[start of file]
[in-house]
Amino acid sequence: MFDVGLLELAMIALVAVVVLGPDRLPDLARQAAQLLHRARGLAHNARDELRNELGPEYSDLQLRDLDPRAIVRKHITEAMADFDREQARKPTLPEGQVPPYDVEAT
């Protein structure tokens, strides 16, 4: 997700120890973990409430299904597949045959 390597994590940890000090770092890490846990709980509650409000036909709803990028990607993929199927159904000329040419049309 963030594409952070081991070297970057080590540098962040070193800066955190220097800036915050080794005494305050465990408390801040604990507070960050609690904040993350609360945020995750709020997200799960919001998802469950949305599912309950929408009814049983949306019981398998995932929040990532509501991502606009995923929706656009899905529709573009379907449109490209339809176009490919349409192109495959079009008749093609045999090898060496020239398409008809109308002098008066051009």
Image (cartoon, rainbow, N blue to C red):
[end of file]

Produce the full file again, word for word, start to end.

[in-house]
Amino acid sequence: MFDVGLLELAMIALVAVVVLGPDRLPDLARQAAQLLHRARGLAHNARDELRNELGPEYSDLQLRDLDPRAIVRKHITEAMADFDREQARKPTLPEGQVPPYDVEAT
């Protein structure tokens, strides 16, 4: 997700120890973990409430299904597949045959 390597994590940890000090770092890490846990709980509650409000036909709803990028990607993929199927159904000329040419049309 963030594409952070081991070297970057080590540098962040070193800066955190220097800036915050080794005494305050465990408390801040604990507070960050609690904040993350609360945020995750709020997200799960919001998802469950949305599912309950929408009814049983949306019981398998995932929040990532509501991502606009995923929706656009899905529709573009379907449109490209339809176009490919349409192109495959079009008749093609045999090898060496020239398409008809109308002098008066051009």
Image (cartoon, rainbow, N blue to C red):